Buildings Breakthrough target: “near-zero emission and resilient buildings are the new normal by 2030”
Breakthrough Agenda context
At COP26 in November 2021, 45 world leaders, whose governments collectively represent over 70% of global GDP, launched the Breakthrough Agenda, aiming at strengthening international collaboration on decarbonizing high-emitting sectors (Transport, Power, Hydrogen, Steel, and Agriculture) and making clean technologies and sustainable solutions the most affordable, accessible and attractive option in all regions by 2030.
Under this Agenda, leaders agreed to review progress annually and explore priority international actions needed to accelerate the Breakthroughs, informed by an annual independent expert report from the International Energy Agency (IEA), International Renewable Energy Agency (IRENA), and UN High-Level Champions. The inaugural Breakthrough Agenda Report 2022 was published in September 2022.
Buildings Breakthrough context
Despite the buildings sector being a heavyweight for climate action (around 37 percent of CO2 emissions and over 34 percent of global final energy demand come from buildings and construction), a Buildings Breakthrough was not part of this Breakthrough Agenda.
At the Bonn Climate Change Conference in June 2022, it was announced by Mr. Stéphane Crouzat, French Climate Change Ambassador, that France (Ministry of Ecological Transition) and the Kingdom of Morocco (Ministry of National Territory and Urban Planning, Housing, and City Policy) would co-lead a Buildings Breakthrough Target, with the support of other willing governments. The governments of France and the Kingdom of Morocco reaffirmed their co-leadership of the target at the 13th Clean Energy Ministerial and 7th Mission Innovation (CEM13/MI·7); at the 2022 UN General Assembly; and at the COP27 Breakthrough Agenda Ministerial on 11 November 2022.
On 17 November 2022, during the event titled "A call for a Buildings Breakthrough as a rallying point" held at the COP27 Buildings Pavilion, the co-leading countries, together with the UK High-Level Climate Champion, the UNEP (United Nations Environment Programme) Executive Director, and multiple high-level country and initiative representatives, joined forces issuing an official call to all countries to join the Buildings Breakthrough to accelerate the transition to sustainable buildings for everyone everywhere.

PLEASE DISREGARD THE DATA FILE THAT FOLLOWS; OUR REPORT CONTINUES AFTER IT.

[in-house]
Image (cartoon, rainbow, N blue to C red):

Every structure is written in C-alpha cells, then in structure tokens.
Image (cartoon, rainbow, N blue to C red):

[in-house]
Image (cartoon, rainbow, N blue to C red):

Buildings Breakthrough target
Near-zero emission and resilient buildings are the new normal by 2030.
Explanation of terms
- New buildings and deep renovation are both concerned.
- “Near-zero emission buildings” are high energy-efficient buildings with a low carbon footprint taking into account a whole life cycle assessment approach (meaning using a low GHG energy source, and built with low GHG building materials and equipment.
- “Resilient Buildings” are buildings that integrate specifications related to the future climate in their design, construction, and operation maintenance.
- “New normal” means the above concepts are generalized in engineered buildings (formal and semi-formal).
Buildings Breakthrough leadership
The Buildings Breakthrough is co-led by France (Ministry for Ecological Transition and Territorial Cohesion) and the Kingdom of Morocco (Ministry of National Territory Planning, Land Planning, Housing and City Policy), and coordinated under the umbrella of the UNEP-hosted Global Alliance for Buildings and Construction (GlobalABC).
We, governments, gathered under the banner of the Buildings Breakthrough will collectively act to achieve worldwide near-zero emission and resilient buildings are the new normal by 2030.
To date, 26 countries have joined the Buildings Breakthrough: Armenia, Austria, Canada, Côte d’Ivoire, Egypt, Ethiopia, Finland, France, Germany, Guinea-Bissau, Japan, Jordan, Kenya, Liberia, Mauritania, Mongolia, Morocco, The Netherlands, Norway, Senegal, Sudan, Sweden, Tunisia, Türkiye, the UK, and Zambia.
In addition, 15 initiatives have announced their support to be listed as leading initiatives.
- List of Buildings Breakthrough supporting countries (in alphabetical order):